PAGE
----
In this delightful recipe tutorial, we’re diving into the world of homemade tahini, the rich and velvety Middle Eastern sesame paste that elevates dishes to a whole new level! Join us on this culinary journey as we unravel the secrets behind creating the most luscious and authentic tahini right in your own kitchen.

Origin and history

Tahini has a rich history that dates back thousands of years. The exact origin of tahini is difficult to pinpoint as it has been a part of various cuisines for thousands of years. However, it is believed to have originated in the Middle East, particularly in ancient Mesopotamia and Egypt. Sesame seeds, the main ingredient of tahini, were cultivated in these regions and used extensively in their cuisine.

Historical records show that sesame seeds were a popular food source for ancient civilizations. The Assyrians, Babylonians, and Egyptians valued sesame seeds for their oil, which they used in cooking and for medicinal purposes. The Egyptians even used sesame oil as a base for perfumes and ointments.

Tahini is the Arabic name for ground sesame seeds. References to tahini can be found as far back as the 13th century where there is a reference to it as a sesame paste. It is found in Israeli, Middle Eastern, African, Chinese, Japanese, Iranian, Turkish and Korean cuisines. Tahini was used as a source of oil at one point. It began to appear in the United States in the 1940’s in health food stores.

Tahini, the product of toasted ground sesame seeds came from Persia where it was called “ardeh.” From there it moved to Israel. For centuries only the aristocracy and wealthy could obtain the ingredients to make tahini.

Tahini became a staple ingredient in Middle Eastern and Mediterranean cuisines, finding its way into dishes such as hummus, falafel, baba ganoush, and various dressings and sauces. Over time, tahini spread to other parts of the world, becoming a beloved and versatile ingredient in many global recipes.

Tips and notes

To achieve a successful homemade tahini, here are some helpful tips and notes:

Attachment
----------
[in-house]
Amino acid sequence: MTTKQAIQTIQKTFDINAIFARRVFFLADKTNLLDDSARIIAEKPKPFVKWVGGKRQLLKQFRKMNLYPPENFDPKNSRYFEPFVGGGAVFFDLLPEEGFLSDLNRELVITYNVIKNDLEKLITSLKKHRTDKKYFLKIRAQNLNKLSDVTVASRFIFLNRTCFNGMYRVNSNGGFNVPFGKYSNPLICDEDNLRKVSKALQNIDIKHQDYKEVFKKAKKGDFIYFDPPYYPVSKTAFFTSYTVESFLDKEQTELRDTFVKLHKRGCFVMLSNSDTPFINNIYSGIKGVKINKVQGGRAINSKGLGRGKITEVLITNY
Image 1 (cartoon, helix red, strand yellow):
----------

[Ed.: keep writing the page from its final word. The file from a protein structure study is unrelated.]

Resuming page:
• Start with fresh and good-quality sesame seeds for the best flavor and texture in your tahini. Taste the seeds first, it should taste fresh and not rancid.
  • Tahini is usually made from hulled sesame seeds. The hulled seeds have a lighter color (white). The unhulled seeds are much darker and still have their hull or outer shell intact. But you can make tahini from unhulled and sprouted sesame seeds. Usually, tahini made from unhulled sesame seeds tends to taste more bitter and doesn’t get quite as smooth as when it is made from hulled sesame seeds.
  • In our recipe, we’ve lightly toasted sesame seeds in a sauté pan on the stovetop since it only takes a few minutes. If you toast them in the oven be careful not to burn them. Over-roasted sesame seeds give a bitter taste. Over roasted meaning, seeds get darker in color, and oil starts to come out from the seeds. So lightly roast them and stop as soon as it starts changing color. A slight color change is fine. 
  • To achieve a smooth and creamy consistency, it’s essential to add a neutral oil to the ground sesame seeds. Use oils like mild olive oil, vegetable oil, or grapeseed oil. The oil helps emulsify the tahini and prevents it from becoming too thick.
  • A high-power blender or food processor is required to make smooth tahini paste. Be sure to scrape down the sides and bottom of the blender often so that all the seeds are incorporated into the sauce.
  • The amount of oil you add will determine the thickness of your tahini. For thinner tahini, add more oil, and for a thicker consistency, add less oil. Adjust the oil quantity according to your preference.